And yet, it's significant that Karen can't bear to actually attend the funeral. Her friends are stalling the ceremony to ensure that she is there to say goodbye to her maid. But she misses it. There is only so much Grace, Will and Jack can do. Instead, it's fitting to see each of them take turns in trying to convince her to come. They are all true to each of them and the dynamics they have with Karen. Grace makes it all about herself and the passing of her mother. Jack is forced to put on a show to amuse Karen. And finally, Will doesn't push too hard. All he does is hug Karen. That's the exact kind of love and support she needs right now. She missed the funeral but she's still in grief. She still needs to mourn this loss. She needs to find her own way to say goodbye. The show gives that to her. She is allowed to stay with the body for awhile. She is able to share that she enjoyed their dynamic and that the two of them were actually friends. That means so much to her. And now, it's a dynamic that will no longer be in her life. She's sad about that. Of course, the show gets the last laugh with that joke about Karen cleaning the casket with the spray that just so happens to be in there. That's just completely absurd and pandering to the audience for a laugh. But it's also completely unexpected and amusing.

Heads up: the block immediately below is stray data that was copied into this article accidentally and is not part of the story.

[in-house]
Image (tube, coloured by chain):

Elsewhere, it's not surprising in the slightest that Will and Grace's new business together isn't going well. I still have my questions about how this new partnership actually works. They try to clarify here in saying that Will handles the business side while Grace is in charge of the creative. But is this still something that is professionally beneficial to both of them? Right now, it still seems more like fan service or a way to put some tension in their dynamic. The latter may ultimately be good because the show deserves some more recurring elements this season. The episodes so far have been very contained. Not many things actually carry over from episode to episode. This has the potential to do so. It was just predictable that things would be complicated between them now that they are starting to work together. They are arguing over the smallest issue as well. They don't have any sense of perspective despite someone they know having died. Instead, it's more amusing that they are having this conversation at Rosario's funeral. It's mostly just a story to bring some levity to this main plot. Of course, the story really didn't need to be broken up with more comedic moments. It had those as well. So, this story should be setting up how this new business will actually work. But it mostly just highlights how the two of them are arguing about whether they are working with each other or for Grace. It's a story that has some resolution in the end. But issues are still going to persist because that's the only way to keep this interesting moving forward.